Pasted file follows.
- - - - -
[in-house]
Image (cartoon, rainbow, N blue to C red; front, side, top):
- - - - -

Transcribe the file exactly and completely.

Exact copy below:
[in-house]
Image (cartoon, rainbow, N blue to C red; front, side, top):